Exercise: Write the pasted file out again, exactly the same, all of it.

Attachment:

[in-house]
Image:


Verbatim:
[in-house]
Image: